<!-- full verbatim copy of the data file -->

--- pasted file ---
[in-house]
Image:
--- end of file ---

[in-house]
Image: